Northern Ireland’s most in-form striker is confident that he can end the team’s goal drought.
Not only can Peter Thompson boast two goals in his last two appearances for Stockport County — his first strikes for the club — the former Linfield hitman is also the last Northern Ireland player to score, having opened his international account in the 4-1 win over Georgia in March. Now the 24-year-old is targeting Slovenia for his first competitive goal.
“As a striker you always have to be confident, otherwise there is no point being in the team,” said Thompson.
“I have always had confidence in my own ability to score goals and I have always backed myself to score when the chances come.
“I hadn’t had that many chances for Stockport, so it didn’t worry me too much when I hadn’t scored for a while and I have been a slow starter most seasons anyway. I was pleased to get my first goal.
“I will be trying to prove myself in training like I always do, hoping to get a chance and then it is up to me to take it.”
Nigel Worthington’s side enter a double header away to Slovenia and at home to San Marino with just a solitary point from the opening two games.
And unless that statistic is drastically improved over the next week, hopes of reaching South Africa in the summer of 2010 will all but evaporate before the end of 2008.
Thompson, who hopes to win his eighth cap against Slovenia on Saturday night, isn’t too concerned about the points tally so far, but knows that the next two results are vitally important.
“Ideally we would have liked three or four points from the first two games, but after losing in Slovakia a point against a good Czech Republic side wasn’t bad,” said Thompson.
“It is important that we get some points now. We can’t afford to leave it too late to get points on the board and we will be looking for six points if at all possible against Slovenia and San Marino.”
Although the opening defeat in Slovakia was seen as a kick in the teeth, three successive wins — against Slovenia and then in back-to-back games home and away to San Marino — would give Worthington’s men ten points at the halfway stage of the group, the same tally as the same point in the Euro 2008 campaign.
Back then it was the second half of the campaign which scuppered qualification hopes, but with Poland, Slovakia and Slovenia still to come to Belfast, the tail end of this campaign isn’t so heavily weighted with difficult away games.
Thompson notched his first goal since joining Stockport County from Linfield in the summer just ten days ago in a 2-2 draw with Cheltenham Town and he followed that up on Friday night with the goal that put the Hatters 2-1 up in their derby clash with Oldham Athletic.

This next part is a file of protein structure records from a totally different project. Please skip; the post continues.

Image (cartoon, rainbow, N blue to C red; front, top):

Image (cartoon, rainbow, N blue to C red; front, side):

That means he has scored more goals this season that David Healy and Kyle Lafferty, but he doesn’t expect that to get him the nod ahead of those two established strikers for Saturday night’s game.
Even though after scoreless draws against Scotland and the Czech Republic and the goal in the 2-1 defeat in Slovakia being scored by an opposing defender Thompson is the last Northern Ireland man to have got his name on the scoresheet back in the March friendly against Georgia.
That strike came on top of the 44 he scored for Linfield, which helped gain him his break in England and now he is off and running there is every chance that there are more to come.
“The goals I have scored have given me confidence,” said Thompson.
“It was nice to get the first one, although I would have rather the team had won, so it was even better to score at home on Friday night in a derby against a team that was aiming for the top of the league.
“I was on a bit of a high after scoring my first goal for Stockport, but the feeling was one of relief as well to be finally up and running for the club.
“I look at Martin Paterson who has been banging in the goals for Burnley so far this season as well and he will be pushing for a place in the team.
“You can’t look past what David Healy, Kyle Lafferty and Warren Feeney have done in the past and although they might not have hit too many goals for their clubs, they will always be expected to score for Northern Ireland.
“I will be trying to prove myself in training like I always try to do, hoping to get a chance and then it is up to me to take it when the chance comes.”
l SATURDAY night’s first ever meeting between Northern Ireland and Slovenia will be watched by a sell-out crowd.
All 12,500 seats inside the Stadion Ljudski vrt in Maribor were been sold over a week ago as Slovenian football reaches a new peak of popularity after last month’s draw in Poland and 2-1 win at home to Slovakia.
Recently the Arena Petrol in the city of Celje has hosted Slovenia’s home games, with Maribor being the third most popular venue, behind that and the Bezigrad Stadium in the capital of Ljubljana.
The Northern Ireland allocation of 1,200 sold out immediately.